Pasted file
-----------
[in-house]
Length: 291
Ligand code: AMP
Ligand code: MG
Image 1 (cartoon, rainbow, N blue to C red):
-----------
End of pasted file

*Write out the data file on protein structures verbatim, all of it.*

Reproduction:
[in-house]
Length: 291
Ligand code: AMP
Ligand code: MG
Image 1 (cartoon, rainbow, N blue to C red):